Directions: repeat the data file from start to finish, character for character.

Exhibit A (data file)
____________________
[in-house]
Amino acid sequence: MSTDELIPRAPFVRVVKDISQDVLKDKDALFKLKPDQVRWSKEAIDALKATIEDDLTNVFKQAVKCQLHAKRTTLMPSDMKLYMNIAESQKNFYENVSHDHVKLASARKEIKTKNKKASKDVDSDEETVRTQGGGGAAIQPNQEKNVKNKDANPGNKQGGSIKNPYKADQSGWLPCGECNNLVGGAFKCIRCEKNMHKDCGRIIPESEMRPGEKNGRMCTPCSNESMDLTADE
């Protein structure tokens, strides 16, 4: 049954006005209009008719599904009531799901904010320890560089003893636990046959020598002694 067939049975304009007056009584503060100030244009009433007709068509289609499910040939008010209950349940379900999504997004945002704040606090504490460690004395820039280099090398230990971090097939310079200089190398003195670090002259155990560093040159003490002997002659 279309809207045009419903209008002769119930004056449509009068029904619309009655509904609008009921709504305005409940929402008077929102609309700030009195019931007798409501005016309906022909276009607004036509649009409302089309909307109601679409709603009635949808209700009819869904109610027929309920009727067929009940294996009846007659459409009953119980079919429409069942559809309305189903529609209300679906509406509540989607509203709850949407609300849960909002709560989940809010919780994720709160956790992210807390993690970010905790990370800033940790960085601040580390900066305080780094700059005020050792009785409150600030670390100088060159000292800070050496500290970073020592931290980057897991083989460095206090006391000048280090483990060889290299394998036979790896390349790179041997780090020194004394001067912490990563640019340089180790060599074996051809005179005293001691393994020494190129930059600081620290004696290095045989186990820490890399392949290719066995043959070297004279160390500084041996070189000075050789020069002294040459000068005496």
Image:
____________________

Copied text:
[in-house]
Amino acid sequence: MSTDELIPRAPFVRVVKDISQDVLKDKDALFKLKPDQVRWSKEAIDALKATIEDDLTNVFKQAVKCQLHAKRTTLMPSDMKLYMNIAESQKNFYENVSHDHVKLASARKEIKTKNKKASKDVDSDEETVRTQGGGGAAIQPNQEKNVKNKDANPGNKQGGSIKNPYKADQSGWLPCGECNNLVGGAFKCIRCEKNMHKDCGRIIPESEMRPGEKNGRMCTPCSNESMDLTADE
């Protein structure tokens, strides 16, 4: 049954006005209009008719599904009531799901904010320890560089003893636990046959020598002694 067939049975304009007056009584503060100030244009009433007709068509289609499910040939008010209950349940379900999504997004945002704040606090504490460690004395820039280099090398230990971090097939310079200089190398003195670090002259155990560093040159003490002997002659 279309809207045009419903209008002769119930004056449509009068029904619309009655509904609008009921709504305005409940929402008077929102609309700030009195019931007798409501005016309906022909276009607004036509649009409302089309909307109601679409709603009635949808209700009819869904109610027929309920009727067929009940294996009846007659459409009953119980079919429409069942559809309305189903529609209300679906509406509540989607509203709850949407609300849960909002709560989940809010919780994720709160956790992210807390993690970010905790990370800033940790960085601040580390900066305080780094700059005020050792009785409150600030670390100088060159000292800070050496500290970073020592931290980057897991083989460095206090006391000048280090483990060889290299394998036979790896390349790179041997780090020194004394001067912490990563640019340089180790060599074996051809005179005293001691393994020494190129930059600081620290004696290095045989186990820490890399392949290719066995043959070297004279160390500084041996070189000075050789020069002294040459000068005496």
Image: